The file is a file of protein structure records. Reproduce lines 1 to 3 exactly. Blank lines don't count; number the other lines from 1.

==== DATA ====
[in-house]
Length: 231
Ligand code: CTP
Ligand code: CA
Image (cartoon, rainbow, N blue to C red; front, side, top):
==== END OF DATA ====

[in-house]
Length: 231
Ligand code: CTP